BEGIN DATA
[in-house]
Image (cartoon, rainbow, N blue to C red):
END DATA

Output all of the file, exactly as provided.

[in-house]
Image (cartoon, rainbow, N blue to C red):